It is baffling and bound to be punishing.
Most businesses are in no position to soon resume regular activity, yet the crucial federal backing to make payroll and retain or restore jobs is about to be sliced with no government recovery plan in sight.
You will recall that the federal government’s message last week was: Every business whose revenue has declined from a year ago will soon get a wage subsidy, not just those hit hardest. And the program will run through mid-December, not August. True, all that.
But the reality is: Most businesses collecting the existing subsidy are about to lose a giant part of it by September.
Finance Minister Bill Morneau was deft in portraying the expansion of the Canadian Emergency Wage Subsidy (CEWS) program, and a modest top-up for the most devastated firms, instead of the sharp decline in the bread-and-butter benefits – releasing difficult news on a Friday summer afternoon is a textbook move we see often.
But let’s look at what’s ahead.
Today, a business whose revenue has declined year-over-year 30% would qualify for a federal subsidy of 75% of the first $58,700 of an employee’s salary, an amount that peaks at $847 weekly. This has been a lifeline for companies with weakened cash flow, with debts and doubts, and a signal from Ottawa that they have some time in the game-changing pandemic to pivot or perform.
After August, though, the subsidy for that same firm with a 30% decline from a year ago would drop by more than half. The new formula the government will use is to take the year-over-year revenue decline percentage, then multiply it by 1.2, so a 30% decline would yield a 36% subsidy.
And the numbers worsen. At the end of September, the multiplier is reduced to only 1.0. A month later it goes to 0.8, then to 0.4 the month after that to conclude CEWS.
Does any expert believe that our economy will significantly regenerate by then? The economists don’t. The think tanks don’t. The banks don’t.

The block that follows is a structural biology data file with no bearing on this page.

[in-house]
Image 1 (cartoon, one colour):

Last week, our province’s three largest business groups – the BC Chamber of Commerce, the Business Council of British Columbia and the Greater Vancouver Board of Trade – released a harrowing survey of conditions and outlooks.
Only about 30% of the 1,401 businesses canvassed expect a return to normal when government support programs end. Two-thirds of these businesses are using some form of support and they are saying there will be a second wave of negative impacts if the programs expire too quickly.
Well, bring on the nightmare.
While the federal and provincial governments have applied funds systematically to assist business and individuals when the pandemic hit, they have yet to propose plans to reignite what they doused.
The $19 billion transfer to the provinces from the federal government announced last week is not a recovery plan but one to face the public health challenges – for personal protective equipment, contact tracing, and child care. It is nothing like a reopening blueprint and we are hearing nothing about a reopening blueprint, either from our federal or provincial government. There is evident internal wrangling about the design and purpose of any such federal program, particularly whether it ought to add a layer of complexity by compelling a larger-scale move to go greener than to sustain support for traditional jobs. And the provincial recovery discussions are far from reaching fruition.
So it begs the question: Why cut the subsidy this soon, six weeks from now? Even the Canadian Emergency Relief Benefits (CERB) program will persist into October. In either case, though, will the Canadian economy be back on its feet?
A preferable course of action would be a plan first with identifiable priorities and targeted spending. Certain sectors, like tourism and hospitality, are clobbered; they’ll need an indefinite but considerable program of specific support, as will many, many others. Presumably, with that in place, what could follow is a cautious reduction of the generalized support.
But this abrupt, steep slope of free-falling support feels like our government has calculated that the pandemic is running its course in Canada, that our neighbours to the south will also be fine to bolster our economy, that millions of new jobs will be available to match the unemployed talent on the market, and that the damaged psyche of the consumer will be repaired. There is no basis for any of this thinking today.
Trudeau and Morneau earlier miscalculated on business needs – the first subsidy proposal was 10%, not 75%. Maybe this was just another bad exercise on the back of an envelope. Maybe in the weeks ahead the regulations will relent and the subsidies will be sustained.
But if the legislation passes through Parliament in the days ahead and nothing shifts, we are moving in a seriously wrong direction.
Kirk LaPointe is publisher and editor-in-chief of Business in Vancouver and vice-president, editorial, of Glacier Media.